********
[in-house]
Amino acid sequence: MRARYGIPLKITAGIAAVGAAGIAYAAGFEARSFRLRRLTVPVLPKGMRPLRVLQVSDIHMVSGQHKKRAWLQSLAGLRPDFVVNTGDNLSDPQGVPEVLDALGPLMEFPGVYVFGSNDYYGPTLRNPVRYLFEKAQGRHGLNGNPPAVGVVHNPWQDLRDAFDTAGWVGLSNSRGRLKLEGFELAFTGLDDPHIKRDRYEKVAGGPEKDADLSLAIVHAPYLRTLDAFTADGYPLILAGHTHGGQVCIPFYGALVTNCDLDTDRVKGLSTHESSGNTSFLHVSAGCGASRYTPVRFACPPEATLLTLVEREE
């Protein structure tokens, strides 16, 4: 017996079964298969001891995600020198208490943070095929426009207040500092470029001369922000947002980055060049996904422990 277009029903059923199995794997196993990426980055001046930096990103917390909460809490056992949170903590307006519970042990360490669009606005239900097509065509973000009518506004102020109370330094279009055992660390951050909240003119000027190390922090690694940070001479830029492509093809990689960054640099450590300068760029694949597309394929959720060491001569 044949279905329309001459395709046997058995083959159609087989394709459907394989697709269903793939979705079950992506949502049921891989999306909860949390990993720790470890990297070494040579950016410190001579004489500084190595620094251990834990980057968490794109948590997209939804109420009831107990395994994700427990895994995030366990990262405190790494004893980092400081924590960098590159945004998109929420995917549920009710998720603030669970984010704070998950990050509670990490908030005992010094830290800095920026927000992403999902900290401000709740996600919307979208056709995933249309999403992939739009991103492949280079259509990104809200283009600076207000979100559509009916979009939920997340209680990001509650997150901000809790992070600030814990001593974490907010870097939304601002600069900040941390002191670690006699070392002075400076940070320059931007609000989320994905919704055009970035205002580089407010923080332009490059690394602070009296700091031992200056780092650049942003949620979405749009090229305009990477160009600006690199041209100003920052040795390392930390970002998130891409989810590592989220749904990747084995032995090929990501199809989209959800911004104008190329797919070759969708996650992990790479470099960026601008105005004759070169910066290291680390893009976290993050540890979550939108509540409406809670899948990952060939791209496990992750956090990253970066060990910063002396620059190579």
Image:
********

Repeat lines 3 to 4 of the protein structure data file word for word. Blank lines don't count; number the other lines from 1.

């Protein structure tokens, strides 16, 4: 017996079964298969001891995600020198208490943070095929426009207040500092470029001369922000947002980055060049996904422990 277009029903059923199995794997196993990426980055001046930096990103917390909460809490056992949170903590307006519970042990360490669009606005239900097509065509973000009518506004102020109370330094279009055992660390951050909240003119000027190390922090690694940070001479830029492509093809990689960054640099450590300068760029694949597309394929959720060491001569 044949279905329309001459395709046997058995083959159609087989394709459907394989697709269903793939979705079950992506949502049921891989999306909860949390990993720790470890990297070494040579950016410190001579004489500084190595620094251990834990980057968490794109948590997209939804109420009831107990395994994700427990895994995030366990990262405190790494004893980092400081924590960098590159945004998109929420995917549920009710998720603030669970984010704070998950990050509670990490908030005992010094830290800095920026927000992403999902900290401000709740996600919307979208056709995933249309999403992939739009991103492949280079259509990104809200283009600076207000979100559509009916979009939920997340209680990001509650997150901000809790992070600030814990001593974490907010870097939304601002600069900040941390002191670690006699070392002075400076940070320059931007609000989320994905919704055009970035205002580089407010923080332009490059690394602070009296700091031992200056780092650049942003949620979405749009090229305009990477160009600006690199041209100003920052040795390392930390970002998130891409989810590592989220749904990747084995032995090929990501199809989209959800911004104008190329797919070759969708996650992990790479470099960026601008105005004759070169910066290291680390893009976290993050540890979550939108509540409406809670899948990952060939791209496990992750956090990253970066060990910063002396620059190579």
Image: